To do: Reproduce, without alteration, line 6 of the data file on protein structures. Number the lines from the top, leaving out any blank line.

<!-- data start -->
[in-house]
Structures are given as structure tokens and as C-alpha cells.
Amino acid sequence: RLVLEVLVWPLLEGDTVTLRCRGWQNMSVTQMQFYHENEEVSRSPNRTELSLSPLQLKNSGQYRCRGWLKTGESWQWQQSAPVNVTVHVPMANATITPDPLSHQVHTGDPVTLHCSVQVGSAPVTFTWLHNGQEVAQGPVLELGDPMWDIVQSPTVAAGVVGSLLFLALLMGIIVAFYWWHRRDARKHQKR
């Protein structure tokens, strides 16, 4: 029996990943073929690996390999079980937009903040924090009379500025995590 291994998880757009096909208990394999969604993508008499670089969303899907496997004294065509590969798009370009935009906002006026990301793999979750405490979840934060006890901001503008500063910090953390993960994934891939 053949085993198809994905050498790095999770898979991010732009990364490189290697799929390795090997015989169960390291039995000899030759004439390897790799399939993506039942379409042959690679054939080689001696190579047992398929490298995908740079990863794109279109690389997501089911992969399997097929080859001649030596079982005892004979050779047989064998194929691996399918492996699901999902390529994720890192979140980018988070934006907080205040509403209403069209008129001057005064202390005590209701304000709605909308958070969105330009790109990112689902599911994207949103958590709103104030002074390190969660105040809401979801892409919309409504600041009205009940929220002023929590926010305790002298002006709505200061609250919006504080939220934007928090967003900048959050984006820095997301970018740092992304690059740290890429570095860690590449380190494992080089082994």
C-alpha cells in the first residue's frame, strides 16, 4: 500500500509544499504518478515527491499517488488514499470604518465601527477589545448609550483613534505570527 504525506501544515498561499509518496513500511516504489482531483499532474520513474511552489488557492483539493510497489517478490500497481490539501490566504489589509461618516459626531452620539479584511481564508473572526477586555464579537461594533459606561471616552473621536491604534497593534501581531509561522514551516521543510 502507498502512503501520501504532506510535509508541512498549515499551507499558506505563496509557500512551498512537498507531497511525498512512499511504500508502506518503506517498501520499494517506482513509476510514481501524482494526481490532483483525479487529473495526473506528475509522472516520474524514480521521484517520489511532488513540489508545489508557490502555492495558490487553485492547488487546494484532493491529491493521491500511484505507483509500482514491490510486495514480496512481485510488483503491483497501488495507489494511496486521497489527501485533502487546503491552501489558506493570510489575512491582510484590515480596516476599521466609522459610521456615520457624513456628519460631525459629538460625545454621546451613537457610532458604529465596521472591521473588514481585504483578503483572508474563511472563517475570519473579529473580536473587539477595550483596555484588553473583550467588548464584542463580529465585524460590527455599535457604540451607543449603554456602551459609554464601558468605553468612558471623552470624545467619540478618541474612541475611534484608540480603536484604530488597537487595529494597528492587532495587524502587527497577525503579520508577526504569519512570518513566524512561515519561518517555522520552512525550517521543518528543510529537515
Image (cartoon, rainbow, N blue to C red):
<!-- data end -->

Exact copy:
Image (cartoon, rainbow, N blue to C red):